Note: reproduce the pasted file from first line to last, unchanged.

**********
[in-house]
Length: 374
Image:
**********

[in-house]
Length: 374
Image: